Price per Barrel of Oil in 2016
Crude oil prices have been hovering recently at the $50 a barrel level. This is a kind of make-break point economically. It’s not a steep enough rise to cripple very fuel-reliant industries like airlines and railroads and it is also a low enough price to boost economic growth in many countries, including the U.S. (per the Wall Street Journal report on May 27, 2016). You can see from the graph above that this follows a rather sharp rally in oil prices since the beginning of the year.
However, a little history is shown in the graph below and it puts this all into a different perspective. A seven year overview shows that oil broke $100 per barrel. In fact oil prices reached the record high of $145 a barrel in 2008, and again rose above $100 a barrel in 2011, hanging out in that range through 2014.
One can easily see that the price per barrel could continue to go up in the near future.
Putman Investments points out that the recent rally in oil prices has given hope to some commodity-related companies that were facing almost certain bankruptcy had the price of oil stayed below $30. In spite of the oil price rally, the continued deterioration in the fundamentals underlying the credit market has kept production from significantly increasing. And though the rally in oil prices has staved off bankruptcy for some companies, it may be too little, too late for others.
Banks periodically assess an energy company’s “borrowing base” by estimating the value of the company’s assets to determine how much they are willing to lend in the form of direct loans, lines of credit, etc. The spring of 2016 showed that some energy company’s borrowing bases were marked down 20%. This is a significant drop in the asset side of their balance sheet and some of these companies may not survive.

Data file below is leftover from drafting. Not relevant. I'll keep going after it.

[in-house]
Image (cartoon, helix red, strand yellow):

CNBC reported on June 9, 2016 that per Tapstone Energy CEO, Tom Ward, for U.S. oil companies specifically, until capital markets open up and allow companies to spend outside of their cash flow, production will not increase and crude prices will continue to rise. He stated, “I wouldn’t be surprised at all if we saw above $60 or even $70
His comments come on the heels of American oil billionaire Harold Hamm’s prediction that oil will likely hit $69 to $72 per barrel by year’s end.
We watch all this in the energy industry as there is a correlation between the price of oil, the price of natural gas and the cost of electricity.
If you are in a deregulated state, contact Consumer Energy Solutions today to get the best price in the current market for your natural gas and electricity. We work with the biggest, most competitive energy suppliers in the industry and will do the shopping for you. Visit our website at www.ConsumerEnergySolutions.com